How did a quintessential German scholar become an anglicised architectural pundit, broadcaster and national treasure?
Everybody who uses The Buildings of England, or ‘Pevsners’ as they are affectionately known, must wonder how Nikolaus Pevsner, that quintessential German scholar, was transformed into an anglicised architectural pundit, broadcaster and national treasure. The answers are in Susie Harries’ deft and judicious new biography.
As a 20 year-old student in Leipzig Pevsner had identified Wilhelm Pinder as ‘the coming man’. Pinder was a conservative academic but also a populariser, ‘a passionate and effective champion of German art’, as Harries describes him. Pevsner’s experience of the Weimar Republic (‘governments that did nothing’) and his steadfast admiration for Pinder made him a nationalist.
In 1930 the resolute Nikolaus Pevsner, now a family man, set out alone for England, to prepare material for some lectures for an Anglo-American cultural initiative at the University of Göttingen, a considerable departure from his previous work. ‘Englishness of course is the purpose of my journey,’ he wrote to Carola (Lola), his wife. After a spell in London he spent the summer months travelling to the extremities – to Hadrian’s Wall and to Snowdon. He bought black-and-white postcards as aides memoire and sat up late in grim bed and breakfast establishments capturing his impressions. Durham was the first place ‘that has made my heart pound’, he told Lola, the leafy view up to the cathedral ‘a Romantic dream.’ With hindsight, this episode, illuminated by his letters home, sets the scene for the rest of Pevsner’s career.
By the early autumn of 1933, despite Pevsner’s admiration for aspects of National Socialism, he had been ‘encouraged to resign’ from all his academic and professional posts and affiliations in Germany; that summer he had explored a future in Italy and now he headed reluctantly to England. To the Nazis, the Jewish-born Pevsner’s 1921 conversion to Protestantism was an irrelevance, as was his close study of medieval Saxon sculpture, a glory of German art.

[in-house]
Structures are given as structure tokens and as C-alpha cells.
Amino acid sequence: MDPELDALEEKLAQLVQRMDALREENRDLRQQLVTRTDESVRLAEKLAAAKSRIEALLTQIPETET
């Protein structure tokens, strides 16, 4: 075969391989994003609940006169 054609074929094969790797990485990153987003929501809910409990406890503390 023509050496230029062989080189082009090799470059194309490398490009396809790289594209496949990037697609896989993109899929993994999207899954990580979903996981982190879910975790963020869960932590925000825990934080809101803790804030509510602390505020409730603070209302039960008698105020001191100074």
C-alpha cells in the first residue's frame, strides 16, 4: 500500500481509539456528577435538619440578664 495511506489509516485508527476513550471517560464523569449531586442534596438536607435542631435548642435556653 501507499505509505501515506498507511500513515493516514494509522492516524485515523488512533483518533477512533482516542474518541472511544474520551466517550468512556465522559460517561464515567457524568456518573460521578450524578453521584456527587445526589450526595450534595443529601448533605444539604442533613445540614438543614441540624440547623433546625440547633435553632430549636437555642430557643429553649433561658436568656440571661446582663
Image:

Yet on an official form he denied that he had ‘definitely’ emigrated though Lola and the family had come over to join him in London in 1936. He, and particularly Lola (whose mother was Jewish), remained astonishingly naïve about the situation in Nazi Germany – sending their children back for a summer holiday in 1939 with the result that their daughter Uta was trapped there throughout the war. In Britain academic posts eluded Pevsner and a job researching industrial design in Birmingham was the best he could find. Two years earlier, a visit to England by his hero, Walter Gropius, had unsettled him: ‘I’m 32 and I’ve done nothing that will last.’
But gradually he breached professional defences; journalism, on the Architectural Review, and teaching at Birkbeck College gave him status. He became, as Harries puts it, ‘a mature art historian – but perhaps no longer an academic or an orthodox scholar.’ As such he was able, and willing, to shift his views on modernism and on design to the point where he would criticise the tendency of the Modern Movement to forget ‘legitimate human yearnings’. He was a regular broadcaster for the BBC – on Victorian architecture – and in 1955 he gave the Reith lectures on ‘The Englishness of English Art’, then published as a book. As a German-born art historian pronouncing upon his adoptive country he had exposed himself and at one level laid the seeds for a prolonged war of attrition, often unpleasantly jingoistic in tone. Pevsner’s friends from the 1930s, particularly Alec Clifton-Taylor, a thoroughly English architectural historian, were steadfast.
Nudging 50 Pevsner embarked on the monumental task that he, aided and abetted by the publisher Allen Lane, had dreamt up in the mid-1940s, a county by county survey of the architecture of England. The Buildings of England ran to 46 volumes of which Nikolaus Pevsner wrote 32 alone. Three appeared in the first year, 1951. He recognised the enormity of the task; ‘To make such books what they really should be would require so much time that the whole series could not be done.’ His mix of scholarship and wry observation was evident from the beginning but he knew his limitations (‘dovecotes are not really my line’). With Lola’s death (in 1963) he turned to student drivers and soon realised that he would also need co-authors. The first, unlikely, candidate was Ian Nairn (for Surrey and Sussex): ‘He writes better than I could ever hope to write.’ Few of Pevsner’s fellow writers were mavericks like Nairn, but each brought their own slant to the grand scheme. In their current form ‘Pevsners’ will be completed within the next 10 years. They are chunky, well illustrated and as comprehensive as their editors can make them, no longer slim volumes for a trim jacket pocket. That personal edge has, in general, been lost, buried beneath the weight of information.
Nikolaus Pevsner was a complex, even poignant, figure. The subtlety with which Susie Harries has portrayed his extraordinary achievements, always pitted against an underlying sense of ambivalence and self-doubt, makes this a quite exceptional life.
Gillian Darley is working on an anthology of the writing of Ian Nairn